Now this is what I moved West for- the chance to get to know places like the Ivanpah Valley, where the settlement of Primm stands as a punch line counterpoint to the surrounding Mojave desert landscape, forming a perfect theater of the absurd and the sublime. →
‘Settlement’ seems as good a term as any to describe Primm. It’s first and foremost a rest stop, but because it sits on I-15 just over the NV state line, it has 3 distinct resort/casinos, 2400 hotel rooms, an outlet mall, and various gas stations and fast food joints. There’s also housing for the workers and a natural gas fired power plant nestled in the hills to the west. The accident here is the intersection of the state line and the 15 right at the north end of the Ivanpah dry lake bed, one of those bright hot places where the road goes straight for miles. →
My favorite jewel in the Primm crown is Buffalo Bill’s: a 15 story, multi-tower 1200 room hotel done in the traditional red barn board and batten style, all encircled by one of the world’s highest roller coasters (couldn’t forget that part). This thing should have a giant Foghorn Leghorn affixed to it. →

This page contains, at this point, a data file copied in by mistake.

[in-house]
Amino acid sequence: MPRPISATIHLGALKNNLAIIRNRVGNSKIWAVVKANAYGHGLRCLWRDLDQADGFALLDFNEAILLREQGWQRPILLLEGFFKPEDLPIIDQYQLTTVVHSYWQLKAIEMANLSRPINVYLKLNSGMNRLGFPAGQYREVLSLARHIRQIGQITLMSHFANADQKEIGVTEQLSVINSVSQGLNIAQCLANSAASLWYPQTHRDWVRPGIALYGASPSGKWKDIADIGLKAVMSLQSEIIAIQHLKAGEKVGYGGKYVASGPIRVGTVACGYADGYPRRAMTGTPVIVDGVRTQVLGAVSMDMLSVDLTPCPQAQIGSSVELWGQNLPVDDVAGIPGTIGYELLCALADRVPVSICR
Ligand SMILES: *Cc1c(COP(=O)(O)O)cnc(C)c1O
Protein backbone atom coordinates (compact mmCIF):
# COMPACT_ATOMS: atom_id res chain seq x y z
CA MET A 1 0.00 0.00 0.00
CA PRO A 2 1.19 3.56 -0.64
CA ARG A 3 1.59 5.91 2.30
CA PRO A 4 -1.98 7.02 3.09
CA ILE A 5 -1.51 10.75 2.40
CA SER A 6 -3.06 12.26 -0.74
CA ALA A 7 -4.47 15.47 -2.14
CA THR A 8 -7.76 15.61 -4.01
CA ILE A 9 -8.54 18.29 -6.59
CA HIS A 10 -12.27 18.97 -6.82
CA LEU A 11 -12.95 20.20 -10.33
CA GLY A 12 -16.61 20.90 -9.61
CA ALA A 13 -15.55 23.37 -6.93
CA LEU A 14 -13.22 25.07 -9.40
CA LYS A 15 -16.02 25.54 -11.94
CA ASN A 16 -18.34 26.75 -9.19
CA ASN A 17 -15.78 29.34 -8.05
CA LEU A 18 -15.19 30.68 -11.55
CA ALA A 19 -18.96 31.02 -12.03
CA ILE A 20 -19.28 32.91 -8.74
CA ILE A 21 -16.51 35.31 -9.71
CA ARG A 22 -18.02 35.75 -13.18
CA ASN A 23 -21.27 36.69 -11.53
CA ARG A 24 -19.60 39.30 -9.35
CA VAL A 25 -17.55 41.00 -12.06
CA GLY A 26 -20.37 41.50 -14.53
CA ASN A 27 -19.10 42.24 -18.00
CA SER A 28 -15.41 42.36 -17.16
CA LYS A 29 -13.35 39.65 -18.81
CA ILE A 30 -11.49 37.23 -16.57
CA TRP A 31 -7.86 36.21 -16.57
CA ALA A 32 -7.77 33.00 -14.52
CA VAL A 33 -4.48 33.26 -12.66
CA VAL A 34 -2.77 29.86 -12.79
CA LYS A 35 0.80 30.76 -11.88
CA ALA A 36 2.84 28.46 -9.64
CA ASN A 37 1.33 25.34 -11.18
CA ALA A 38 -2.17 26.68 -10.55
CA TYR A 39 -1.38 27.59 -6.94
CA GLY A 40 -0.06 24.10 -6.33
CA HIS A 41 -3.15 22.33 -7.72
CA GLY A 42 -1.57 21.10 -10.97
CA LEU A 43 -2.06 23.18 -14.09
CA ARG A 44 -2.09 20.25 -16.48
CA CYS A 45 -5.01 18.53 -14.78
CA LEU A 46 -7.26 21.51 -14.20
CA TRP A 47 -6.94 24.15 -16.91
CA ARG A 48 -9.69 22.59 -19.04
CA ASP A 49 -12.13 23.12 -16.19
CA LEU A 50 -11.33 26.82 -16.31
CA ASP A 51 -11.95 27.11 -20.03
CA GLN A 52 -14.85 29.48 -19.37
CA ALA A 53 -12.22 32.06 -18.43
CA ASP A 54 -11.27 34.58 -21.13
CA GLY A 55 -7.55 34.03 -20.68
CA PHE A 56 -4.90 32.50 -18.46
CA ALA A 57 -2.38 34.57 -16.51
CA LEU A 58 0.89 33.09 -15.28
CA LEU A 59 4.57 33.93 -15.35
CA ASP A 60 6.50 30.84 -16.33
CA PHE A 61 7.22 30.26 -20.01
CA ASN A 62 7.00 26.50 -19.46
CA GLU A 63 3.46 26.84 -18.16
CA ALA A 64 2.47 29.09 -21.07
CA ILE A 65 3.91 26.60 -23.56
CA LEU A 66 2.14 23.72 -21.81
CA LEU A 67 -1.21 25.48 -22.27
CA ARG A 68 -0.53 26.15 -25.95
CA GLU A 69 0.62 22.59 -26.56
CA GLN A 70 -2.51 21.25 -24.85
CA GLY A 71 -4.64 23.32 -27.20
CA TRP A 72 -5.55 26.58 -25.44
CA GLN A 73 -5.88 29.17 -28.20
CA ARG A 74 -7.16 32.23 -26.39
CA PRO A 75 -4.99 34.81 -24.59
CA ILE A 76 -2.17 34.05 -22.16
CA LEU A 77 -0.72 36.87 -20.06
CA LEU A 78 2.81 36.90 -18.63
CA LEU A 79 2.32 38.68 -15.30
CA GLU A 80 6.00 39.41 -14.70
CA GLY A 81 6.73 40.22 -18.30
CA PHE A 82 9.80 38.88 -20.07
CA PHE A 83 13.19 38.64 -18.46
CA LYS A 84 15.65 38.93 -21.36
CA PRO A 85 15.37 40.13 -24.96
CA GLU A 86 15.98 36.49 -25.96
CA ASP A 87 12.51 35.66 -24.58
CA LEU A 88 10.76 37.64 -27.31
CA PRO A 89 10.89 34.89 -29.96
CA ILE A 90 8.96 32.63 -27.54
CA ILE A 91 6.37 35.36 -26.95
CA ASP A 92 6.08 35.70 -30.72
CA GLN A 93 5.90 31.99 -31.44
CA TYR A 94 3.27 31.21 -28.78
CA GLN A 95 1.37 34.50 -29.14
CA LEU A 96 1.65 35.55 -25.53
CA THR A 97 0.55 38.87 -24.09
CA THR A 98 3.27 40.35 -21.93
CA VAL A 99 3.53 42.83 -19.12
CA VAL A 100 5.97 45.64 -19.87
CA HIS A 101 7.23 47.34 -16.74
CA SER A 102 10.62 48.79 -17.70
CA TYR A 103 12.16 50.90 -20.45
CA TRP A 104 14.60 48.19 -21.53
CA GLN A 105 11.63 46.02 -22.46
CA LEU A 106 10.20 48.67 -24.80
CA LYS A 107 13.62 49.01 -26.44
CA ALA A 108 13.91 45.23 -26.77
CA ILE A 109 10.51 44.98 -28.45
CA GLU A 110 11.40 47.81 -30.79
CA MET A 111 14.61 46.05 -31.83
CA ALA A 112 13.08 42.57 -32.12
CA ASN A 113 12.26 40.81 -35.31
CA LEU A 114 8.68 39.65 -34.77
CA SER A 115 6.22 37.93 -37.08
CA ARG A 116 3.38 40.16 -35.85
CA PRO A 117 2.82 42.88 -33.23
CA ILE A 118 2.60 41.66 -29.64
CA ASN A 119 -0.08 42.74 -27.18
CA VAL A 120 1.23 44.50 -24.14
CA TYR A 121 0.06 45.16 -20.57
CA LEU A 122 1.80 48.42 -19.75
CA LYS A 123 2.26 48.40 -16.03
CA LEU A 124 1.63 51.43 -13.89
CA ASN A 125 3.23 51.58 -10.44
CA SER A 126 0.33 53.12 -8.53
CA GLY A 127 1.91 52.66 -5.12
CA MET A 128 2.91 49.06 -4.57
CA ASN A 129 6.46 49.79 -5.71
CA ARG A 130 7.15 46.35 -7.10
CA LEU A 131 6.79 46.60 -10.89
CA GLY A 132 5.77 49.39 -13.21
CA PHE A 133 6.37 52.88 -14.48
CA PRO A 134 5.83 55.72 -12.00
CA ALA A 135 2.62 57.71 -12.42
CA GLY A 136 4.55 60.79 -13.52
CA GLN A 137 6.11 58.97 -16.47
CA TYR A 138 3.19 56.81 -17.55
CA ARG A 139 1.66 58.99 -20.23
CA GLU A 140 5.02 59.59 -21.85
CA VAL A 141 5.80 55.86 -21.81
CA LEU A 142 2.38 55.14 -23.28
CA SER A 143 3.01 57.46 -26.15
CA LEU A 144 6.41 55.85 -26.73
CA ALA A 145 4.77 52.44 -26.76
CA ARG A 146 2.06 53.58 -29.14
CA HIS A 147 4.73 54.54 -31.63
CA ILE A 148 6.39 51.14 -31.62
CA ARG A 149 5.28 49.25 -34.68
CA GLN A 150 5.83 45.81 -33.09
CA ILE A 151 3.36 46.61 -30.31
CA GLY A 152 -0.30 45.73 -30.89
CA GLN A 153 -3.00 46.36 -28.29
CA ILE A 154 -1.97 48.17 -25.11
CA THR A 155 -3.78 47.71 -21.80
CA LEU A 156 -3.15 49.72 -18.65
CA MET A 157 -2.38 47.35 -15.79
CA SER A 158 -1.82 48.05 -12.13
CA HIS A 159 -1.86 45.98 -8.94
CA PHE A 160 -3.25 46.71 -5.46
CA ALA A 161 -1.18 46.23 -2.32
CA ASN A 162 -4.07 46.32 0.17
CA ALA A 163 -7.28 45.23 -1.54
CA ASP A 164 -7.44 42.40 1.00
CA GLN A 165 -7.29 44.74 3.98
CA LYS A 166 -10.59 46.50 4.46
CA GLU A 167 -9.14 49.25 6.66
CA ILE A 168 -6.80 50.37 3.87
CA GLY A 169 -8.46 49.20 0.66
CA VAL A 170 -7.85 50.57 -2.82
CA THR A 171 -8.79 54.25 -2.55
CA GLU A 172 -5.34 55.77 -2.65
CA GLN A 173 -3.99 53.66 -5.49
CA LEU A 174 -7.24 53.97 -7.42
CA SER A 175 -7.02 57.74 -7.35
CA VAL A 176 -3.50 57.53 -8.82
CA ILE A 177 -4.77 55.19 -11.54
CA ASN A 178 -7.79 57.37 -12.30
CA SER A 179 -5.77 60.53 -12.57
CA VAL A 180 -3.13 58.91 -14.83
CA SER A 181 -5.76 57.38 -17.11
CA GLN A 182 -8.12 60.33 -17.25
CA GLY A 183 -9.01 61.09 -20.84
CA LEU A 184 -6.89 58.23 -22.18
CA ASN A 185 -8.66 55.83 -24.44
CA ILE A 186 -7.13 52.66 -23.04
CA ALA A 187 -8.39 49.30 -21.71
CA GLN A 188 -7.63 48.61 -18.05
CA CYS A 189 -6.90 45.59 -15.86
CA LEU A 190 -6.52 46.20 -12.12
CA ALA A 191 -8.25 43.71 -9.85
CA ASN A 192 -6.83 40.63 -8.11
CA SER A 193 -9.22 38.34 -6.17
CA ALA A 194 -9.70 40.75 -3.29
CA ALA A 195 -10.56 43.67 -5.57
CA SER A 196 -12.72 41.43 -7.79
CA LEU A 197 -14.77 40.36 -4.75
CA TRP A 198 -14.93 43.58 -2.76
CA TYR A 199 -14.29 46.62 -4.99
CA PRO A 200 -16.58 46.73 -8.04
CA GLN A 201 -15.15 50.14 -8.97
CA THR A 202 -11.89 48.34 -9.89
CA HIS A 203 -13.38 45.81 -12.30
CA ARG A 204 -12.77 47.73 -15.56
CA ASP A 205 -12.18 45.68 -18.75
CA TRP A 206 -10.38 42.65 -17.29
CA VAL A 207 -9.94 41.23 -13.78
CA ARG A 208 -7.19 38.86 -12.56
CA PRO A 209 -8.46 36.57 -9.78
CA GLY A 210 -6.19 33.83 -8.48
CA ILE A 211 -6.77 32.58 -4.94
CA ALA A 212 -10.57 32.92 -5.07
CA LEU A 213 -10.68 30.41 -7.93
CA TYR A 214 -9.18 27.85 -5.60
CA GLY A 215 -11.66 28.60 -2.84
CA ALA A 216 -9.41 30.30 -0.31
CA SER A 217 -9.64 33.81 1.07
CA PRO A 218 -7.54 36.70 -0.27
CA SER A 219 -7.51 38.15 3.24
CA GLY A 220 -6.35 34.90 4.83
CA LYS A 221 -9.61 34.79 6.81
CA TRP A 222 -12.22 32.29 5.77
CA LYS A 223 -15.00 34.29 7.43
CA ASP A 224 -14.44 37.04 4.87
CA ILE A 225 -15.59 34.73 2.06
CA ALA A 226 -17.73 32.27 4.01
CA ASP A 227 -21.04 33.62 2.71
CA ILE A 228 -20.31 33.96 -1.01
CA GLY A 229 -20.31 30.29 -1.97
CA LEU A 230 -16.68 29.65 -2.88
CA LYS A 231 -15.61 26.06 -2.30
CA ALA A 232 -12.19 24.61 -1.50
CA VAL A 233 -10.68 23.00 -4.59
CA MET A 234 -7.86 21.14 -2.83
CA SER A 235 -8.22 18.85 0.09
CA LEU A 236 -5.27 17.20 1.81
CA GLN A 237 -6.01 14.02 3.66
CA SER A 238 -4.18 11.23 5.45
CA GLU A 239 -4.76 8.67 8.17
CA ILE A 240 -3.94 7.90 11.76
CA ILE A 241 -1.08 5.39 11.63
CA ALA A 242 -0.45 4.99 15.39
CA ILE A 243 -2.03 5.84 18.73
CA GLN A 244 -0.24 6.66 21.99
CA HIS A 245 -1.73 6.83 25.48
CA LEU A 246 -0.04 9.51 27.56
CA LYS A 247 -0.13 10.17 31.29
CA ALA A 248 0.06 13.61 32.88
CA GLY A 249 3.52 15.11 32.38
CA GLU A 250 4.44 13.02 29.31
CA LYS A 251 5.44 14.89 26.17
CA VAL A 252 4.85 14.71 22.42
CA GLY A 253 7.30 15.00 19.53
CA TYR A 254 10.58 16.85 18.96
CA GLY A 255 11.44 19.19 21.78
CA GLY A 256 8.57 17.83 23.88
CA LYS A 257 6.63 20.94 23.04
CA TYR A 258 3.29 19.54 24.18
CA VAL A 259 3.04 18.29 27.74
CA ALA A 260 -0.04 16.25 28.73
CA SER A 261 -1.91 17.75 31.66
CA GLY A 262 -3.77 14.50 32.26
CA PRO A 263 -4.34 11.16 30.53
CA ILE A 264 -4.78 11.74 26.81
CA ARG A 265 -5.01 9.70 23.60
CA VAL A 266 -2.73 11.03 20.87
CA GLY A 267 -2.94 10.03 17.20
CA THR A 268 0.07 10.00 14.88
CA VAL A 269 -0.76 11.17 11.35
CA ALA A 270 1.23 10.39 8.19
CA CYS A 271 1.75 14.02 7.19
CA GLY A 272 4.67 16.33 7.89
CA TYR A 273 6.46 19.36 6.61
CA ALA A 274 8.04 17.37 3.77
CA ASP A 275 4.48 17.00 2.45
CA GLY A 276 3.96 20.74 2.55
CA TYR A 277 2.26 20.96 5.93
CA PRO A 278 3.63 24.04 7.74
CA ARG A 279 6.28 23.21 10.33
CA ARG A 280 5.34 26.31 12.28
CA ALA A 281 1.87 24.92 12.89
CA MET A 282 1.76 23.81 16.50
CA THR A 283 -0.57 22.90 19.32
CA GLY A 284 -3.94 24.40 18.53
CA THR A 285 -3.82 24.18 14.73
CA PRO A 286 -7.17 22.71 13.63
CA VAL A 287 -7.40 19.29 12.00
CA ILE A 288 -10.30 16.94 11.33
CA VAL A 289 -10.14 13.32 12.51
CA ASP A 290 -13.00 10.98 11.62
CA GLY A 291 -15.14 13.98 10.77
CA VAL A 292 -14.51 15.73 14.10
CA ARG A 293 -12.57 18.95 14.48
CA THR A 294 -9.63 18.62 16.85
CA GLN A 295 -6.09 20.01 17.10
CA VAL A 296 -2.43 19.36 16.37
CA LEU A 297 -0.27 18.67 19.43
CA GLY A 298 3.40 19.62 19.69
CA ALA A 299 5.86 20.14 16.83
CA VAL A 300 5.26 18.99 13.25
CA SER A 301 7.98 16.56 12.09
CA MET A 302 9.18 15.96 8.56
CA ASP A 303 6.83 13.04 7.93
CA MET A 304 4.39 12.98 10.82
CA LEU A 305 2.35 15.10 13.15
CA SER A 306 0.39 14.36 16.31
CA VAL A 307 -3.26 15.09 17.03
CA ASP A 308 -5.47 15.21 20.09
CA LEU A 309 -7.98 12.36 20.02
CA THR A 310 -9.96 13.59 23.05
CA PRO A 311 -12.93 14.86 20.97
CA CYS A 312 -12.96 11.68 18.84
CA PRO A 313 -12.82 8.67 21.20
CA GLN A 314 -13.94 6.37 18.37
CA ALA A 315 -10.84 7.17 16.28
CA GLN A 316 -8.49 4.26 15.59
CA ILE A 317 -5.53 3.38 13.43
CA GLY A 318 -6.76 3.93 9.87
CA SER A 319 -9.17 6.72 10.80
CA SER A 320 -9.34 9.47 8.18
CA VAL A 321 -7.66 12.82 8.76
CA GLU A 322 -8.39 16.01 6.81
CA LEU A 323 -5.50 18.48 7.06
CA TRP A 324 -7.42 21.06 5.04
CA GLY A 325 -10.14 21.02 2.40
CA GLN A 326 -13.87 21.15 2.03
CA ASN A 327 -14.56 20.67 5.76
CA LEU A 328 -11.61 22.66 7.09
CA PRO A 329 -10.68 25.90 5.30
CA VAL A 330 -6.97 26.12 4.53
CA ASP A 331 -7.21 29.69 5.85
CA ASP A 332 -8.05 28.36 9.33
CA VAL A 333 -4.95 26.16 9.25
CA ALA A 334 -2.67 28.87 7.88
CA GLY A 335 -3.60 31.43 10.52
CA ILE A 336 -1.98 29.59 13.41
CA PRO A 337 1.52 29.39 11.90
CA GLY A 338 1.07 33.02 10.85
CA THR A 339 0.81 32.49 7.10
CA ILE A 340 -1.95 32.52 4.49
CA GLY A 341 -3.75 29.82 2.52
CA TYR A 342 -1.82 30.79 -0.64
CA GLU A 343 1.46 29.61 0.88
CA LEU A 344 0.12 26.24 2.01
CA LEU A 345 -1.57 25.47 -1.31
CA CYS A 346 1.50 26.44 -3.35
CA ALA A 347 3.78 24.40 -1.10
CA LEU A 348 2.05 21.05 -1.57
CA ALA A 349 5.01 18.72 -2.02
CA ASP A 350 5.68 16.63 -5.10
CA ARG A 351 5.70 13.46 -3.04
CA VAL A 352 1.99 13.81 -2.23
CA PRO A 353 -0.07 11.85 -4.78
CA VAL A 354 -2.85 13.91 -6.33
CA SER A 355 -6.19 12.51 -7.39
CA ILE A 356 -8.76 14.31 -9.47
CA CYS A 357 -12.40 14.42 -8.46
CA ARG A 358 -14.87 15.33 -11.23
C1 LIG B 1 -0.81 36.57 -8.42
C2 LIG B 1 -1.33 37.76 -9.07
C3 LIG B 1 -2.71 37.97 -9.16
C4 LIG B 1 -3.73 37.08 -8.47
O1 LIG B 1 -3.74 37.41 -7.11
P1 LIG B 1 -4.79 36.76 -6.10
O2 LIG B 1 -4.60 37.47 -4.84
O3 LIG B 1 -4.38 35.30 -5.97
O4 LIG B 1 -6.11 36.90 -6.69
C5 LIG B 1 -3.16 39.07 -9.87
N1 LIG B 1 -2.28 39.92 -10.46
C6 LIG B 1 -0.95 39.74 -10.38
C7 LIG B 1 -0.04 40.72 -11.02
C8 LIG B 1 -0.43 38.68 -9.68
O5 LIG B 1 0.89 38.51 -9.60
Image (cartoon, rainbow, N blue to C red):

Sharing the stage with the architecture, doing their best to steal the show in fact, are the barren Clark Mountains, great mounds of stacked fans, random outcroppings, and cascading buttresses, all with that
vaguely gothic aspect typical of Mojave mountains. Next trip I think I’ll actually stay in Primm and take
a day to walk into them. →
Whiskey Pete’s, on the other side of the freeway but served by a nifty monorail, employs the more typical toy castle design strategy. The Primm Valley Resort? I guess it’s supposed to be in the Southern plantation style.
A little piece of Kentucky brought to the desert. I can almost smell the fresh cut grass and minty ice tea! ◊